Very funny. Sony seem to have no plans to release a proper SDK for the alpha series so you can do the sort of automation you can with Canon. You can control if over wifi so it might be possible to reverse engineer the datastream.
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Old 08-11-2014, 10:30 AM
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The photographer in question is Fritz Hemmerich and he's using a 14" Hyperstar (F/1.9), so it's not just a 14" telescope, it's a super-speed astrograph. It was also shot in Tenerife at 1200m, so I'd wager the sky was as black as black.

Please in future post all the details, especially the name of the original photographer.
-Cam

"
Fritz Helmut Hemmerich
November 4 at 9:38pm Edited
Orion Nebula complex, DSLR (only IR-block-filter) exposed over an hour, no calibration (no darks, flats, bias or bad pixel mask), 65 x 1/3 sec (for the center) and 200 x 15 sec (!!) for the outer structures, Hyper star 14 ", Sony A7s (modded), ISO 3200, no cooling, no guiding. This is just a quick-and-dirty processing. I don't like the halos of the brighter stars. I will next weekend, when I have time, edit it thoroughly.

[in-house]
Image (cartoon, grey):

Location: Tenerife, 1200 meters altitude
Time: November 3, 2014 between 4: 30h and 5: 45h"
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Old 08-11-2014, 11:01 AM
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Cam, you could've asked. No secrets in the interwebs

And here's another of his, 90 shots of 4 (F O U R) seconds, though as you say, he's very high (in altitude!) and cold. But sheesh, 4 secs.

Thanks for the links to Brian's pics Andrew, I'll contact him and get more details.
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Old 08-11-2014, 11:15 AM
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Quote:
Originally Posted by LightningNZ View Post
he's using a 14" Hyperstar (F/1.9)
Even with the same camera, I reckon that 1 hour under cold dark skies (say mag 22/arcsec^2) at F/1.9 would need around 240 hours under suburban skies (mag 19/arcsec^2) at F/7.5 to get the same SNR on the wonderful outer dust.